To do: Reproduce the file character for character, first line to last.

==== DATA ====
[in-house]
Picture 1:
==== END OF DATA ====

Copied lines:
[in-house]
Picture 1: